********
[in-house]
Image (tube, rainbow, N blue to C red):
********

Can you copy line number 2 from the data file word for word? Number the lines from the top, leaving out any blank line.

Image (tube, rainbow, N blue to C red):